Pennsylvania trying to face its heroin, opioid problem


    Pennsylvania ranks in the top 10 states in per capita heroin and opioid deaths, yet is one of the weakest when it comes to regulating prescription drugs.

    Improving that is just one of many reforms sought by advocates who spent four hours Tuesday morning testifying before state lawmakers.

    The session at Reading Area Community College in Berks County is one in a statewide series on heroin and opioid deaths run by the Center for Rural Pennsylvania.

    More than 3,000 Pennsylvanians have died from heroin and multi-drug deaths since 2009, according to the Pennsylvania Coroner’s Assocation four-year report and update.

    That’s moved judges, doctors, parents, police, teachers, law enforcement officials, treatment experts and others to push a variety of agendas, as varied as the factors involved in a complex issue like addiction.

    Limiting access


    “This isn’t news,” said Phil Bauer, who lost his son Mark to an overdose nearly a decade ago.

    Prescription opiates can lead to heroin use. But it never got to that point for Mark.

    Bauer and his wife found their son dead with a bag of pills beside him a week before his high school graduation. The coroner later told them he had a mix of amphetamines, oxycodone and acetaminophen in his system.

    He believes the pills came from a coworker at Mark’s part-time job. He’ll never know for sure.

    “Someone who’s never done drugs would probably be afraid of heroin, that’s probably not their starting point. But prescription drugs, these are opiates – and when misused they’re just as dangerous as heroin,” Bauer says.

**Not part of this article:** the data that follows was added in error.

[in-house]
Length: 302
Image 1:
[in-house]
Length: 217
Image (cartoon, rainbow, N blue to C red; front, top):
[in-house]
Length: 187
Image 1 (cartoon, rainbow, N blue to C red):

Bauer’s advocacy since then has taken him to 10 states and landed him before Congress and the FDA. His latest endeavor is getting lawmakers in his home state – the Bauers live in York – to more strictly regulate prescription drugs.

    One bill would expand the Commonwealth’s existing monitoring database by tracking all classes of drugs and allowing pharmacists and healthcare providers who write prescriptions to access the database.

    One might expect that to be the case already.

    It is in 36 of 37 states on the list kept by the Prescription Monitoring Program Database Training and Technical Assistance Center.

    Pennsylvania is the sole exception.

    Pennsylvania’s system is the most limited, with its focus on Schedule II drugs and law enforcement-only access, according to Chad Garner, who runs Ohio’s program and sits on the Alliance of States with Prescription Monitoring Programs board

    The 11 states without databases have legislation in place to set it up. All of them provide for systems accessible to health care professionals, Garner said.

    The bill that would change all of that in Pennsylvania cleared the state Senate in May, but the House left for the summer without taking it up.

    “The delay in this, I believe, has cost lives,” Bauer says.

    What’s next

    State Sen. Scott Wagner blames lobbyists for the sluggish progression.

    “The drug lobby is very large in Harrisburg,” Wagner says.

    The ACLU also has concerns about expanding access to confidential information.

    The Center’s Director Barry Denk says he’ll invite pharmaceutical industry representatives to future forums in Cambria and Centre counties. State Sen. Gene Yaw, R-Lycoming, says he wants to bring in people running the state’s colleges and universities as well.

    Dr. Gregory Sorensen, Reading Health System’s Chief Medical Officer, says the multi-disciplinary approach is really the only one that might work.

    Others called Tuesday for increasing mandatory insurance coverage minimums for addiction treatment, expanding access to naloxone or other emergency overdose treatments, and including stress management in public education curricula.

    Sorensen says the youngest victim of the 30 heroin and prescription overdose deaths so far this year in Reading was 13 years old.

    But Sorensen also recalls prescription drug abuse decades ago by a fellow resident, and later a surgeon who was his colleague.

    “It was very apparent early in my career that this is a major problem that spans socioeconomic, and knowledge categories,” Sorensen says.


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